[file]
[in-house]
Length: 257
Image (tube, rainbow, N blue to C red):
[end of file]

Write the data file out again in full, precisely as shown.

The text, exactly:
[in-house]
Length: 257
Image (tube, rainbow, N blue to C red):